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Friday, September 11, 2009

Kjetil Våge et al., Nature Geosci., Surprising return of deep convection to the subpolar North Atlantic Ocean in winter 2007–2008

Nature Geoscience, 2 (2008) 67-72, published online 30 November 2008; doi: 10.1038/ngeo382

Surprising return of deep convection to the subpolar North Atlantic Ocean in winter 2007–2008

Kjetil Våge1, Robert S. Pickart1, Virginie Thierry2, Gilles Reverdin3, Craig M. Lee4, Brian Petrie5, Tom A. Agnew6, Amy Wong6 and Mads H. Ribergaard7


In the process of open-ocean convection in the subpolar North Atlantic Ocean, surface water sinks to depth as a distinct water mass, the characteristics of which affect the meridional overturning circulation and oceanic heat flux. In addition, carbon is sequestered from the atmosphere in the process. In recent years, this convection has been shallow or non-existent, which could be construed as a consequence of a warmer climate. Here we document the return of deep convection to the subpolar gyre in both the Labrador and Irminger seas in the winter of 2007–2008. We use profiling float data from the Argo programme to document deep mixing. Analysis of a variety of in situ, satellite and reanalysis data shows that contrary to expectations the transition to a convective state took place abruptly, without going through a phase of preconditioning. Changes in hemispheric air temperature, storm tracks, the flux of fresh water to the Labrador Sea and the distribution of pack ice all contributed to an enhanced flux of heat from the sea to the air, making the surface water sufficiently cold and dense to initiate deep convection. Given this complexity, we conclude that it will be difficult to predict when deep mixing may occur again.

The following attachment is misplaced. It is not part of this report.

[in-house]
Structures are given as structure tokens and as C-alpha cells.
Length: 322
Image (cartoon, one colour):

1. Woods Hole Oceanographic Institution, Woods Hole, MA 02543, USA
  2. IFREMER, Laboratoire de Physique des Océans, UMR 6523 CNRS/IFREMER/IRD/UBO, 29280 Plouzané, France
  3. Laboratoire d'Océanographie Dynamique et de Climatologie, FR-75252 Paris, France
  4. Applied Physics Laboratory, University of Washington, Seattle, WA 98105, USA
  5. Bedford Institute of Oceanography, Dartmouth, Nova Scotia B2Y 4A2, Canada
  6. Meteorological Service of Canada, Downsview, Ontario M3H 5T4, Canada
  7. Danish Meteorological Institute, DK-2100 Copenhagen, Denmark

Correspondence to: Kjetil Våge1 e-mail:

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